Join ORR Protection experts Lee Kaiser and Aaron Wille as they discuss the recommended locations for fire panels.
To view the entire webinar, visit the Webinar Replay and gain access to the full video content. Also, visit our YouTube channel to check out our library of video content subscribe for future video releases.
Where's the best recommended location to place fire panels, whether that's a data center or a hotel or a mall or school or an office building or warehouse. Where's the best location to put the panel? Well, in a strip mall or something like that, I think in a common electrical room. And the only reason I say this is because typically that fire panel is gonna be used for all of those different individual spaces, right? You're gonna have one area and an electrical room works really well for that. You put a FACP inside, sticker on the door, the fire department knows where to go.So for that instance, I'd say an electrical room. Make sure it's dry, make sure it's not gonna get wet, it's not gonna be out exposed to the elements.
But for your data centers and stuff like that, we typically have a control room for those data centers where we have somebody in that room most of the time, 24 hours a day. Because it's a manned facility for 24 hours, and they wanna know quickly when there's an event happening in their facility. So we typically, in a data center like that, would put it in that control room environment. That way, when it starts making noise, they can look around and look at it on the wall and identify pretty quickly if there's an issue. One thing that we didn't really talk about was remote enunciators. So, remote enunciators can make this question a moot point, right? We can put a remote enunciator to tell you what's going on with the fire panel in any location and a lot of times the fire department's gonna want to have some input on where that goes.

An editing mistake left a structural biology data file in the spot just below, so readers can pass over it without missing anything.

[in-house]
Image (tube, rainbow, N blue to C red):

They're gonna want something known as the fire attack entrance. But, like your data center example, the remote enunciator could go into the control room so that they could get the data on what's going on with the system there, but yet if they don't have enough wall space, the panel itself doesn't necessarily go on the wall. I like that you brought up the electrical room. I think that's a great place for hardware to go, in electrical rooms, not because that's where everybody's gonna go to see the panel front. That's where the enunciator discussion comes in. But, it's a safe place for that hardware. It's not publicly generally accessible. The last thing I would say is if you don't have an electrical room, a non-public space, you don't want those systems to be tampered with, people to open up the door and do whatever. To mess it up. So generally a non-public space for location, electrical rooms, are good. And then use the enunciator features to make sure that you get the outputs, the button functionality, the readouts, and locations that are useful.